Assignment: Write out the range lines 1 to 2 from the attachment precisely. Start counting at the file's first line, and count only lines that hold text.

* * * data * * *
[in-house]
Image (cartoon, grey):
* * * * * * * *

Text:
[in-house]
Image (cartoon, grey):